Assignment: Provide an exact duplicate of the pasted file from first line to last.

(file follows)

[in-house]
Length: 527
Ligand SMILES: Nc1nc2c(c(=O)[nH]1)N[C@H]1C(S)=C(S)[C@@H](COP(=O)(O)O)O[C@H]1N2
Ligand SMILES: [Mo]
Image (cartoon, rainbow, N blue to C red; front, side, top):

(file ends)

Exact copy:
[in-house]
Length: 527
Ligand SMILES: Nc1nc2c(c(=O)[nH]1)N[C@H]1C(S)=C(S)[C@@H](COP(=O)(O)O)O[C@H]1N2
Ligand SMILES: [Mo]
Image (cartoon, rainbow, N blue to C red; front, side, top):